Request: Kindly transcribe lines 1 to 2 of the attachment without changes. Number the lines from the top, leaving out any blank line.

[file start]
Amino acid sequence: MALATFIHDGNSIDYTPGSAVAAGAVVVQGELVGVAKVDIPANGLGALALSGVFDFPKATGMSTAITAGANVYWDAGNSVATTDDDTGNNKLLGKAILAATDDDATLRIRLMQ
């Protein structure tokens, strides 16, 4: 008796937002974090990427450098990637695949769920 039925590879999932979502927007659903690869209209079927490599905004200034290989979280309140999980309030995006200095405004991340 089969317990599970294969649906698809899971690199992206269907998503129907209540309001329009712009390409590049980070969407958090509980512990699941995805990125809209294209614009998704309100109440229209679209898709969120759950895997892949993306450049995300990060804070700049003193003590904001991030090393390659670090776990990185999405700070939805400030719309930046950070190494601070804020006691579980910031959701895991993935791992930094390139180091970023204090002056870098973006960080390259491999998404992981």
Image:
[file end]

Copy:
Amino acid sequence: MALATFIHDGNSIDYTPGSAVAAGAVVVQGELVGVAKVDIPANGLGALALSGVFDFPKATGMSTAITAGANVYWDAGNSVATTDDDTGNNKLLGKAILAATDDDATLRIRLMQ
């Protein structure tokens, strides 16, 4: 008796937002974090990427450098990637695949769920 039925590879999932979502927007659903690869209209079927490599905004200034290989979280309140999980309030995006200095405004991340 089969317990599970294969649906698809899971690199992206269907998503129907209540309001329009712009390409590049980070969407958090509980512990699941995805990125809209294209614009998704309100109440229209679209898709969120759950895997892949993306450049995300990060804070700049003193003590904001991030090393390659670090776990990185999405700070939805400030719309930046950070190494601070804020006691579980910031959701895991993935791992930094390139180091970023204090002056870098973006960080390259491999998404992981």